Even though the cryptocurrency industry has been providing returns to investors for several years now, institutional investors have generally steered away from putting their money in this industry. This is an indication of the need to customize crypto products as well as iron out the regulatory concerns against investing in the industry.
It is for this reason that Coinbase, America’s largest cryptocurrency exchange and the 12th largest exchange in the world has appointed Jeff Horowitz as its first ever chief compliance officer. Jeff Horowitz previously held a similar position at Pershing LLC, a subsidiary of BNY Mellon.
This Tiger Cub Giant Is Betting On Banks And Tech Stocks In The Recovery
The first two months of the third quarter were the best months for D1 Capital Partners' public portfolio since inception, that's according to a copy of the firm's August update, which ValueWalk has been able to review. Q2 2020 hedge fund letters, conferences and more According to the update, D1's public portfolio returned 20.1% gross Read More
Provoking Investor Interest
The appointment of Jeff Horowitz follows the launch of four Coinbase products targeted at institutional investors earlier this year. According to research by Willis Towers Watson, global asset owners control $131 trillion of wealth across the world. By appointing Jeff Horowitz as the company’s chief compliance officer, Coinbase is focusing on interesting these regulators and regulators in cryptocurrencies as a viable investment asset.
The cryptocurrency industry has numerous viable blockchain-based projects that investors can support and earn good returns. They include BQT, a hedge trading and crypto exchange project and IOU, an e-commerce focused platform that makes it possible for businesses to gauge customer satisfaction.
At the same time, by appointing Jeff Horowitz, Coinbase could be addressing investor protection concerns by ensuring that the cryptocurrency space is safe for them. A quick look at Horowitz's background clearly shows why he was an ideal pick for Coinbase. Besides Pershing LLC, Horowitz had been involved in setting up anti-money laundering and compliance programs at Salomon brothers, Goldman Sachs and Citigroup.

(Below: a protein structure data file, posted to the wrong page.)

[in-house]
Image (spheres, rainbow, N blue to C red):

For institutional investors to view digital assets as viable investment options, the Horowitz will have to focus on various things to entice this class of investors. According to Joseph Oreste, founder and CEO at Qupon, clear definitions on compliance can help hedge funds invest in companies. As such, Coinbase will have to support distributed ledgers with faster confirmation times.
He says, “There is a need for regulatory and compliance rules for platforms that want to operate above board. With clear definitions on compliance, then hedge funds can perform due diligence risk assessments and invest in companies that are clearly in accord with regulations or rules. Supporting distributed ledgers with the fastest confirmation times can service many hundreds of thousands of transactions per second, and these can facilitate application migration from centralized to decentralized and distributed services.”
On his part, Reginald Ringgold, founder of BlockVest says that Jeff Horowitz will need to focus on two additional aspects, which are mainly improving the trading options and capabilities, as well as the settlement process.
He notes, “His second area of focus should be improving the trading platform options and capabilities, currently these are very basic and rudimentary. The third area of focus should be improving the settlement process as it is currently way to slow compared to what institutional investors are used too.”